Smithers began his career in commercial photography when he was 15 years old, eventually working as an aerial photographer for the U.S. Army Aviation Service during World War I. Between 1935 and 1939, under a contract with the International Boundary and Water Commission, Smithers photographed the entire U.S.-Mexican Border from Brownsville to San Diego.

Reed, too, focuses on the interplay between culture and land in the Texas-Mexico borderland. By pairing his and Smithers’s works, he said, “I work to elicit historical comparison and dialogue with the past while also creating space to reflect on photography’s role as an index of place and time, its inherent limitations in telling histories, and the archive as a catalyst in forming new ways of seeing.”

Motel, Terlingua and View of Study Butte, Texas are on display in the Ransom Center until August 4. On July 18, the artists of Lakes Were Rivers will discuss their work at 7 p.m. in the galleries.

In the galleries: Alvin Langdon Coburn’s "Vortograph" and Barry Stone’s "Sky 3099"

Barry Stone, "Sky 3099," 2012. Courtesy of artist.
Barry Stone, "Sky 3099," 2012. Courtesy of artist.
Alvin Langdon Coburn, "Vortograph," 1917.
Alvin Langdon Coburn, "Vortograph," 1917.

Although almost a century separates Alvin Langdon Coburn’s Vortograph (1917) and Barry Stone’s Sky 3099 (2012), Stone still finds parallels between the works. It is this connection between old and new that informs the Ransom Center’s current exhibition, Contemporary Photographic Practice and the Archive.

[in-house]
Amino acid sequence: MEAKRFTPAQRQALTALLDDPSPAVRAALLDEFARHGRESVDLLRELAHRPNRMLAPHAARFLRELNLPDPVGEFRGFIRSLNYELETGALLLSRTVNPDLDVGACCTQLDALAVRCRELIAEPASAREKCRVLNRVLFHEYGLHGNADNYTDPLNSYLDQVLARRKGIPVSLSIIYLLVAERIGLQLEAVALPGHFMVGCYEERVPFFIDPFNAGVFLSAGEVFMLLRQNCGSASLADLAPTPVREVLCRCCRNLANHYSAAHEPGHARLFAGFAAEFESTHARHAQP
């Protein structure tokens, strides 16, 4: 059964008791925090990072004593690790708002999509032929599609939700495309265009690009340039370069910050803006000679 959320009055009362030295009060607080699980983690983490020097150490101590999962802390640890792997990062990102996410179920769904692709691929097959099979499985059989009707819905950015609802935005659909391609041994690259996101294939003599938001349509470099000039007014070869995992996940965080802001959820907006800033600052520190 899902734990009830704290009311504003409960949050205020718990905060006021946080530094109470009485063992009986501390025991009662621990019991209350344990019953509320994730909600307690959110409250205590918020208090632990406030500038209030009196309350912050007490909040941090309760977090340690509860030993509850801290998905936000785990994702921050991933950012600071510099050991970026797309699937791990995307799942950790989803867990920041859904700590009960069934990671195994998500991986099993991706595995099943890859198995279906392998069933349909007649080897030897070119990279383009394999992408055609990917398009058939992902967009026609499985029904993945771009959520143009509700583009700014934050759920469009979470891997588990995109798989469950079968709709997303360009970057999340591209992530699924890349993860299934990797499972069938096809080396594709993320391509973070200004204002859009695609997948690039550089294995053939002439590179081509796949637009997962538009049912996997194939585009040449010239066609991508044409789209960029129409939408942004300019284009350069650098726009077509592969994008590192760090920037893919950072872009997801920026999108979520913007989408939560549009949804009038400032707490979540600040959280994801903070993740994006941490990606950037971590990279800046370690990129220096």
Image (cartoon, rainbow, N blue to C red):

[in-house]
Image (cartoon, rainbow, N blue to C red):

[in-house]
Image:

Created in conjunction with the Lakes Were Rivers collective, an Austin-based group of artists working in photography and video, the exhibition highlights members’ works that were influenced in some way by the Ransom Center. Approximately 50 new works are displayed alongside Ransom Center collection materials chosen by the artists. The pairings illustrate how archives and cultural collections stimulate new ideas and creative acts.

Widely acknowledged as the first consciously created abstract photographs, Coburn’s vortographs were taken using a kaleidoscope-like instrument that fit over the lens of a camera to reflect and fracture the image. Their name comes from the term “Vorticist,” which describes an avant-garde British artistic and literary movement spearheaded by Wyndham Lewis and influenced by Cubism.

In many ways, Coburn’s earlier technical photographic experiments mirror Stone’s current work—black-and-white digital captures of landscapes in which Stone has altered the image file’s code or machine language in a text-editing program. This process, called databending, creates visual hiccups within the otherwise unaltered image. Stone’s Sky 3099 provides an example of the technique, billowing clouds interrupted by swaths of visual static. As the artist notes, “The noise, therefore, becomes more like the signal. The anomaly or glitch is assimilated into the image and reveals not only the methods of its assembly but also a glimpse of new perceptual possibilities.”

Both Sky 3099 and Vortograph are on display through August 4. On July 18, the artists of Lakes Were Rivers will discuss their work at 7 p.m. in the galleries.